Client-centered art therapy is the combination of art psychotherapy and Rogerian psychotherapy. Client-centered art therapy builds on the foundation and fundamental theory of Carl Rogers’s client-centered therapy and further integrates the creative therapeutic properties of art therapy. This can provide individuals with the treatment necessary to gain awareness and insight into how their thoughts, feelings, attitudes and behaviors may have a negative impact on their lives. This can help to provide reparation.
As mentioned in Cathy A. Malchiodi’s book, The Art Therapy Sourcebook, art therapy can be defined separately into two categories. Firstly, art therapy can be described as a creative art process with an innate healing power. This is the belief that the art making itself is therapeutic. It can be an opportunity for one to express themselves authentically, which could lead to fulfillment, repair, and transformation. It’s the belief that the art process itself is health enhancing.
The second category in which art therapy could be defined is the belief that one’s art holds symbolic meaning. This psychotherapeutic approach empathizes an individual’s art as a means for communication into ones emotions, conflicts and ailments. Though art therapy can be defined into these two categories, it is common for art therapists to practice and integrate both art as therapy and art psychotherapy.
What makes art therapy a universal therapeutic tool is its ability to transcend social, cultural and religious boundaries. Art therapy provides a secure space for individuals to explore and feel at ease within a non-judgmental space where no skills or artistic ability are necessary to engage. This fits perfectly into Rogers’s three core attitudes: empathy, acceptance, and genuineness, which he believed were necessary for therapeutic change within his client-centered approach.
The purpose of art therapy is not necessarily to depict life but rather to create something that can help bring awareness of oneself. This ties into Rogers’s theory that though the therapist plays a role in the therapeutic process, it is the client who must become aware and come to terms with what it is they need in order to make that change.
The client-centered art therapy process welcomes unexpressed emotional states and or dormant thoughts and emotions to surface in a non-threatening and non-confrontational way. The art acts as a vehicle in which an individual can arrive at an understanding or insight about past or present without saying a word. Both practices can produce relaxed states where defenses decrease. Through individual process, the combination of client-centered therapy and art therapy may allow an individual to reach a quiet and reflective state. Through a client-centered approach with the assistance of a trained art therapist, an individual could learn about him or herself and gain insight into their personal recovery through a parallel therapeutic process.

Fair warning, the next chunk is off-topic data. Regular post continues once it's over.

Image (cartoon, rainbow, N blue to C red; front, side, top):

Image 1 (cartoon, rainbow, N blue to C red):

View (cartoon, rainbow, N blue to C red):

"When words are not enough, we turn to images and symbols to tell our stories. And in telling our stories through art, we find pathways to wellness, recovery and transformation.
Art therapy is a form of expressive therapy that uses art materials, such as paints, drawing, clay, collage and even digital media such as photography and tablet technology. Art therapy combines traditional psychotherapeutic theories and techniques with psychological, interpersonal and somatic aspects of the creative process and self-expression. In mental health, art therapy is used in many clinical settings with diverse populations including children, adults, and families. As a part of integrative health care, art therapy and expressive arts therapy (art, music, drama, movement, and writing) complement and support traditional and complementary health practices and interventions.
Art has the potential to transform lives and often in profound ways; research is demonstrating that art improves not only our quality of life, but also is effective in reducing pain, fatigue and stress and increasing cognitive abilities and emotional well-being."
~ Cathy A. Malchiodi, PhD, LPCC, LCAT, ATR-BC